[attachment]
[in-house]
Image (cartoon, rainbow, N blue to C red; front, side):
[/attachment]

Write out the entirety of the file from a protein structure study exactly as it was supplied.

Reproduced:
[in-house]
Image (cartoon, rainbow, N blue to C red; front, side):